The essays to follow blend together several of the Rebbe’s talks, underscoring a lesson to be derived from the names of every one of the Torah readings. Several of the essays, e.g., “Ongoing Life” from Parshas Chayei Sarah, illustrate how the lesson derived from the name relates to the entire Torah reading. In others, the connection is shown between the name of the parshah and only certain elements of the Torah reading. And in certain instances, the lesson of the name alone is explained, leaving to the reader the task of connecting this insight to the Torah reading as a whole.

“Out of the Many, One”

There are two unique dimensions to a Torah scroll: a) every letter must be a separate entity, surrounded by blank parchment. If two letters are touching, the scroll is unacceptable.

b) If any one of the letters is missing, the scroll as a whole is invalid.

When viewing these laws in a homiletical sense, two concepts stand out: a) the importance of every individual and the uniqueness of his contribution; and

b) the awareness that the most complete contribution an individual can make is when he joins together with others in a more encompassing mission.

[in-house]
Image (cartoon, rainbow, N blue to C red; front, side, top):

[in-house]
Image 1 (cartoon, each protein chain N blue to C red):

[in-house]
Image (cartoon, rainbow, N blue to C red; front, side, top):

These two initiatives found expression in the composition of the text which fused together the unique contributions of many individuals, each one enhancing the text as a whole. Acknowledgment must be made of Rabbi Eliyahu Touger, who adapted the Rebbe’s talks from their sources; Gershon Gale, who edited the text; Rabbi Aharon Leib Raskin, who researched the sources and references; Uri Kaploun, who gave many hours of consultation and critical reading; Yosef Yitzchak Turner, who took charge of the layout and typography; and Rabbi Yonah Avtzon, Director of Sichos In English, who harmonized all these different efforts and brought them to fruition in a polished work.

Proceeding Together

Writing a foreword to a collection of the Rebbe’s works is very different after Gimmel Tammuz. There’s a lot that could be said, so much that the foreword could be turned into a volume of its own.

But that would blur the focus. And the processing of focusing telescoping multidimensional ideas into practical applicable truths was one of the fundamental dimensions of the Rebbe’s leadership.

During 5748-5749 (1988-1989), the year which followed the passing of his wife, Rebbitzin Chayah Mushka, the Rebbe gave chassidim focus by continuously referred to the Biblical phrase,6 “And the living should take it to heart.” This is what is necessary at present to take the Rebbe’s message to heart, to apply it vigorously in our own lives, and to share it with our families, our friends, and all those with whom we come in contact.

And this will enable us to go forward with heads held high, in touch with ourselves, with the world around us, and with our spiritual purpose, and to dedicate ourselves to the task the Rebbe set out for us: To make the world conscious of the Redemption and to create an environment in which this ideal can be manifest.

Sichos In English

Erev Rosh HaShanah, 5755